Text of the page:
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Leaders to review EDC

Commissioners want more control over economic development issues

As the search begins for a new economic developer, Beaufort County leaders say they want more control over local economic development activities.

“There’s concern among all the commissioners that we need a do-over,” said board Chairman Jerry Langley during a meeting of the Beaufort County Board of Commissioners earlier this week. “We cannot continue to do business the way we were doing it.”

The county has begun its search for a new economic developer to replace Tom Thompson, who announced his intent to retire from the post in June.

The deadline for applications is June 1.

The county and the Economic Development Commission’s Board of Directors are expected to seek candidates with experience and training related to economic-development activities, with a salary that will be directly related to a candidate’s experience.

Commissioners said Monday they want the chance to review candidates for the position.

Some suggested the EDC board could submit the names of two finalists for the post to the commissioners, while others said they wanted to see applications of all of those who are seeking the position.

Some county leaders also suggested there needs to be a clear chain of command, with the new economic development director reporting directly to County Manager Randell Woodruff.

Others suggested the county manager, in addition to the EDC board, be given the authority to dismiss the economic-development director.

In April, Thompson submitted a letter indicating his intention to retire June 30 to Evelyne Roberson, chairwoman of the Economic Development Commission. Thompson also submitted a similar letter to the Beaufort County Committee of 100.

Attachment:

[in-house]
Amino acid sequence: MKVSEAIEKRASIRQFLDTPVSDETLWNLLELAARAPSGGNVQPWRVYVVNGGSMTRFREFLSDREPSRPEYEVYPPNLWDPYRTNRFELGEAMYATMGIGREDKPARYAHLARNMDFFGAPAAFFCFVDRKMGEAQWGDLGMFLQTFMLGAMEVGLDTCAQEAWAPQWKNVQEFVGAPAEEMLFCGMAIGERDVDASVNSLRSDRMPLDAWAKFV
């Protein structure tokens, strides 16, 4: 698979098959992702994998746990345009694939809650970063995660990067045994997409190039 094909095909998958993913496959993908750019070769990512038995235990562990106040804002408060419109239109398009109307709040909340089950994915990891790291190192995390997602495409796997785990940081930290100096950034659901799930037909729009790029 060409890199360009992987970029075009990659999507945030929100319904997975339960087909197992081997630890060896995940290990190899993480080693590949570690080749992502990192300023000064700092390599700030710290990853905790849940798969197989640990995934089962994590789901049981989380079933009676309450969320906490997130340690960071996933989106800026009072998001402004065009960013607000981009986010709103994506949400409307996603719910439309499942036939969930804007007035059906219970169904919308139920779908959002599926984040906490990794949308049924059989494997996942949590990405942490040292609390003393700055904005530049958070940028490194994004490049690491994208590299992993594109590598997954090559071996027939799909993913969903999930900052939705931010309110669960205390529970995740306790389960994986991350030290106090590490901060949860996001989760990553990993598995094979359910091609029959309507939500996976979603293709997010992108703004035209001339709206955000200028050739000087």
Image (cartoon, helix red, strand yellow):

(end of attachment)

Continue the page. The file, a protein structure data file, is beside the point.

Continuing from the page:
The Beaufort County Committee of 100 is the private, nonprofit arm of the Economic Development Commission. The EDC operates with taxpayer funds.

In his 2012-2013 budget plan presented to the commissioners Monday, Woodruff recommended the county continue to contribute $195,031 to the EDC budget, the same as appropriated in the current fiscal year.

Woodruff noted that “any decreased contribution by local municipalities would require an increased county contribution or decrease in the EDC budget.”

Some commissioners on Monday said they favored a clearer delineation between the EDC and the Committee of 100 than has recently been the case.

Thompson has served as chief executive officer of the Beaufort County Committee of 100 and director of the Beaufort County Economic Development Commission since 2001.

While Thompson has been praised by many local leaders for his efforts in promoting the local economy, recently the EDC and the Committee of 100 have come under scrutiny by some area residents and county leaders who have questioned whether the county has been getting its money’s worth.

“I think it’s all wasted money,” said Commissioner Hood Richardson at Monday’s meeting.

The commissioners also agreed to a plan, put forward recently by the EDC Board of Directors, to review the organization’s bylaws and appointed Commissioner Ed Booth to be one of two county representatives on the review committee.

Booth will be joined on that committee by Commissioner Al Klemm, who also serves on the EDC board.